The US startup Erthos is convinced that by dispensing with conventional assembly systems and laying flat modules only with wires to hold them in place, it can reduce electricity production costs by more than 20%.
The considerations apply not only to open-air systems, but also to flat roofs and, to a certain extent, to bodies of water.
Two factors are often underestimated for photovoltaic systems in warm and dusty regions: Soiling and temperature. Erthos wants to minimize the soiling with a cleaning robot and thus compensate for the poor temperature coefficient. This of course also applies to roofs in cities, which often suffer enormous yield losses due to pollution.
A steeper incline and a direct orientation towards the south does not necessarily lead to an increase in yield, since in summer the losses due to modules that are too warm are enormous . In terms of electricity yield, vertically mounted modules with a high albedo are of course ideal, such as mirrors or glass balls in color or bright flower meadows, but both mirrors and modules in urban environments must be cleaned regularly in order to secure the yield in the long term. See also my soiling calculator on photovoltaics.
Of course, we have to take into account in the discussion that we are assuming a Californian start-up that is relocating the modules to a desert floor, where not much grows without irrigation. The principle also applies to modules and mirrors laid on the water, as these also quickly become dirty and have to be cleaned.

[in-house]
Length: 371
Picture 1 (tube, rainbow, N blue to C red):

However, if we lay mirrors between the rows of modules, the field could always be optimally cooled, as a robot cleans the mirrors and mirrors reflect the heat very well into space.
Perhaps we will soon see mirrors laid on the ground in dry areas and cleaned by robots in order to cool entire fields. According to the FAO, light-colored plastic mulch films have already become necessary for cooling many fields, as the Plastic in Agriculture Report writes.
What we should also consider before we criticize thermal adaptation strategies (SRM), cooler soils emit significantly less CO2 and methane than soils that are much too warm. But this technology is also interesting for landfills that need sealing.
Contact me for an offer on cleaning – yield benchmarking and matching sensors optional according to the IEC:16724: